So the 4 weeks flew by pretty fast and 1st phase of GSoC Coding Period has came to an end! This week brought a lot of twist & turns in our plan but that made me learn about lot of things. So this blog post will be quite longer than usual, but more interesting!
What did I do this week?
- After setting up auto-ingest pipeline last week, my mentor told me to try using Azure Artifacts for deploying our files (executed ingestion notebook & generated filter dataset). I read about it and successfully enabled the pipeline to deploy files as versioned universal packages (artifacts). But we realized that they can't be made publically available and can only be downloaded by using Azure CLI. So we decided to drop it & continue our previous idea of deploying the files to a web server.
- I created a PR for this pipeline so that my mentor can review my last week's work. We also made some discussions & decided to use Dokuwiki to create a simplistic web interface for displaying deployed files in a presentable way on web server.
- I worked further on this PR to evolve the auto-ingest pipeline from a prototype to finished state. I created couple of scripts: (i) to execute notebook until 1st error & return error status; (ii) to deploy dataset conditionally (only when notebook executed successfully and when dataset has changed from previous deployed version).
- Now since I needed to compare datasets (HDF files) which is not possible without a HDF comparison utility (external deb package), so I discussed with my mentor whether I can write a script to check if there were any changes at SVO (by scraping their changelog). My mentor told me why not to use a programmatic interface to access data from SVO (as he had heard about this). And it turned out to be a turning point for our ongoing plan. This would mean we won't be needing any pipeline (on which I was working since a week) as we can directly fetch data from SVO. It was quite surprising for me to grasp, but since it is a better way so I understood & accepted this change.
- I searched & found that besides a web interface, SVO Filter Profile Service (FPS) also provides a VO interface (sort of API) so that applications can send HTTP queries to the service and retrieve data as VOTable. My mentor told me to use a VOTable parser provided by Astropy to obtain tables as dataframes and see if data makes sense.
- I tried it and fortunately SVO VOTables get parsed accurately! Hence I created functions for fetching filter data using requests & VOTable parser.
What is coming up next?
As my mentor told me during discussions, we will possibly contribute these functions to astroquery (an Open Source python package to access data from astronomical data resources). Also we will decide & work on redesigning the way our package, wsynphot fetches filter data from SVO.
Did I get stuck anywhere?Yes while reading about programmatic interface of SVO FPS, the HTTP queries I found in their document, were not working. But my mentor suggested me to take a time off and it proved fruitful. Next day when I read document with clear mind, I realized my mistake (I was earlier referring the wrong section) and found the right queries.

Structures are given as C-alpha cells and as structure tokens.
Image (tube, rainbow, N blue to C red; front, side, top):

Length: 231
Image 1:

What was something new I did and what I learned?
✅ Code Review: I reviewed the PR of another GSoC student in our sister Org - TARDIS, on docs deployment pipeline. Since I had already setup that successfuly in our Org so my mentor told me to review his code. I suggested him several changes in review, and explained a mistake he was doing in deploying docs to gh-pages - this helped him to understand the concept of docs deployment better. I realized that code review is inturn helpful for reviewer too as it allowed me to assess how much I already know.
💡 The work I did in this week made me learn about a variety of tools & techniques:
- Azure Artifacts allows us to create a package feed, where all versions of our deployed packages (collection of files) are listed. We can even connect artifacts with package hosts like PyPI to make users download it.
- Dokuwiki is a Open Source wiki software that allows us to create versatile wikis that don't need database. Using this we can even create a simple presentable web interface (like one we wanted to display deployed files). There's also a python module for Dokuwiki to create & manage wikis, so within pipeline we can source such a python script to update our wiki for files deployed.
- Passing variables between shell & scripts - To access variables of calling shell in python script we can use os.environ dictionary. To use the variables defined on Azure VM environment in bash script we need to do some changes in naming style of variable. Also in pipleine yml we can declare the variable within the tasks instead globally. To return a variable from script, we can simply print it and access it from shell by storing the output of command sourcing the script.
- VOTable (Virtual Observatory Table) is a way to represent & store data in XML syntax. A VOTable consist of Resources elements which contain Table elements. They can be parsed into Astropy tables simply by using astropy.io.votable.parse which can be further converted to a Pandas dataframe.
🗃️ Simplicity an API brings: Earlier we were using a ingestion notebook that scrapes the data from SVO web interface, download the data files and ingest them into a HDF file. As data at SVO updates with time, so we began to create a pipeline that can execute this notebook and generate HDF and then deploy them at server to access them. But by using VO interface of SVO (API), we can fetch data directly from SVO instead of that from HDF. So there's no need to update HDF and hence no need of pipeline. All we need is to call a function that can fetch VOTable from SVO using HTTP queries and return it after parsing it as a dataframe - simple!
Thank you for reading. Stay tuned to know more exciting things with me!